According to Lipper FMI, mutual fund flows for the week ended May 4th show $962 million of inflows into domestic mutual funds and $386 million into foreign mutual funds.
ICI reports $906 net outflows in equity funds with the majority of that coming out of domestic mutual funds and $180 from foreign funds.
Based on data from Lipper FMI, this week also saw $3.7 billion going into fixed income, the 20th consecutive net inflows for this sector. ICI reports fixed income receiving $3.6 billion of inflows.
Municipal funds, a long time source of volatility within fixed income is continuing to bleed money with an additional $784 million exiting the once sleepy sector according to Lipper FMI. This marks the 25th week of consecutive outflows and since late 2010, brings the total outflows to between $33.5 to $47 billion.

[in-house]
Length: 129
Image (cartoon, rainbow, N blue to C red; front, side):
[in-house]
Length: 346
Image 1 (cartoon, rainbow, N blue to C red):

Some may have forgotten Meredith Whitney’s December 2010 predictions of Armageddon for the municipal bond market. She hasn’t given up and is adamant that she will be proven right. Whitney did not provide a specific time frame, expect the vague “next year”.
So far, municipal bond funds have recovered from the panic selling and while retail investors continue to flee the market, the bonds themselves have stabilized. David Kotok of Cumberland Advisors wrote recently:
We are going to dig in our heels on the other side. We do not expect nor do we forecast that defaults on Munis in 2011 will reach anywhere near $100 billion. When we use the term default, we mean the non-payment of an interest or principal amount due on a bond issue. We are not talking about technical defaults where a bond covenant may have been breached and subsequently cured. We are talking only about money payments.
So Meredith, you say “yes” on $100 billion of defaults in 2011. We say NO! On December 31, we will know who is correct.